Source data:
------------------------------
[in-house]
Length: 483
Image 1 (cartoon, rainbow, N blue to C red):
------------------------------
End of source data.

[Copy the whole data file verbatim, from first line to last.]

[in-house]
Length: 483
Image 1 (cartoon, rainbow, N blue to C red):